According to Søren Pederson, vice president and director of sales at Haarup North America, this problem can be solved with training. When workers are trained to wear the proper safety gear, they can also be instructed on how to do their job efficiently and effectively while working with protective guarding.
“This has to be a policy you strictly enforce, otherwise workers will take the guarding off because it’s easier,” Pederson said. “Be strict about this. Have safety coordinators come in and verify that workers are doing their lockout/tagout at all times and that they’re not taking off machine guarding.”
During new hire onboarding, conduct the same training every time and convey the same safety message to show new hires that your plant is serious about safety. Consider biannual or quarterly site-specific training instead of just an annual mixer safety class.
The responsibility for safety lies with everyone. The plant’s owner/operator and all levels of workers need to be constantly retrained on the equipment’s safety features, rules of the plant and proper procedures to ensure they are complying with the company’s policies.
DON’T OVERLOOK DAILY CLEANING
Cleaning and maintenance are the most common causes of mixer accidents and personnel injury. Ideally, the operator who knows the mixer best should be the one charged with its daily maintenance and cleaning. Schedule a specific time for daily cleaning and allot the proper amount of time to clean the mixer effectively. Too many plants minimize cleaning time to be more productive, but this challenges the plant operator to do as much as possible in too little time.
SCHEDULE REGULAR MAINTENANCE
Like a car, a mixer will run its best when regularly maintained per manufacturer specifications.
“Companies that allow for cleaning and maintenance can actually schedule their down time,” Pederson said. “Those that don’t, yes, they may be more productive for months of the year, but then are going to be putting out fires. Scheduled maintenance is basically free.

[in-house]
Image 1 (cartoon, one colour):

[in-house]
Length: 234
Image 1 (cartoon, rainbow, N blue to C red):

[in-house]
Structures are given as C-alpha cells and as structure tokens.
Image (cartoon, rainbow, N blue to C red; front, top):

“Unscheduled maintenance is costly. You could shut down production or, worse, someone could get seriously injured.”
With regular cleaning and maintenance, Pederson said even an old mixer can continue working and operating efficiently.
COMMON SENSE IS NECESSARY
It’s possible to drive without a seatbelt and not get hurt, although the driver is still unsafe. Similarly, it’s possible to use a precast mixer without the hood on, or without the protective guarding. But, that’s a risk responsible plant owners and operators don’t want to take. Beside the potential for employee injury, it also could be considered a safety violation within an OSHA inspection, which will add to the citation fine. Train plant staff to ask themselves, “Is this safe?” before performing each new or unprecedented action in the heat of the moment. If the answer is, “no,” then a broader safety conversation needs to take place with all parties involved.
Mindi Zissman is a Chicago, Ill.-based freelance writer who has covered the AEC industry, commercial liability and health care for more than 15 years.